updated 10:00 pm EDT, Fri July 4, 2014
July 7 purge will affect testers of iOS 8, Yosemite beta builds
Apple has notified developers testing the latest iOS 8 and OS X 10.10 Yosemite betas that it will have to erase the content of all CloudKit databases on July 7, both public and private. While the move will not affect most users, anyone testing the iCloud Drive, iCloud Photo Library or Mail Drop attachment features of either iOS 8 or OS X 10.10 Yosemite will see any data store there wiped. Photos and videos stored on iOS 8-running devices will be preserved, and re-uploaded after the server-side erasure.
The same holds true for documents mirrored locally and stored in iCloud Drive. The feature will need to be manually re-enabled via the Setup Assistant, but documents will be automatically re-uploaded to to iCloud Drive once the wipe and restore is complete. Email attachments sent through Mail Drop, however, will expire. Messages with attachments that used Mail Drop and were not received by July 7 will need to be re-sent.
The features are part of the changes coming in both platforms, with updates expected to come this fall. The iCloud Drive and iCloud Photo Library will optionally let users store as much data as they want on iCloud, with modest costs for additional storage beyond the 5GB provided free for all iCloud users. Under the announced plan, users can access 20GB of storage for photos, videos (even RAW images or HD videos) and documents for $1 per month. The next tier beyond that -- at least as far as what been announced -- is a 200GB tier for $4 per month.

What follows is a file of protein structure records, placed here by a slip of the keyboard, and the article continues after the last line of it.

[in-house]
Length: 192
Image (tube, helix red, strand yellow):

Comparison of annual storage rates
Mail Drop is another forthcoming feature that relies on iCloud storage as well. It allows users to email files as large as 5GB to others, who automatically receive a URL where they can download the large attachment rather than the attachment itself. This prevents users from sending files that are too large for the recipients' mailbox or ISP limitations, and the attachment is encrypted from end-to-end for better user privacy.
The need to "restart" the services may indicate that Apple is nearly ready to commence public testing of the features through its previously-announced Beta Seed Program.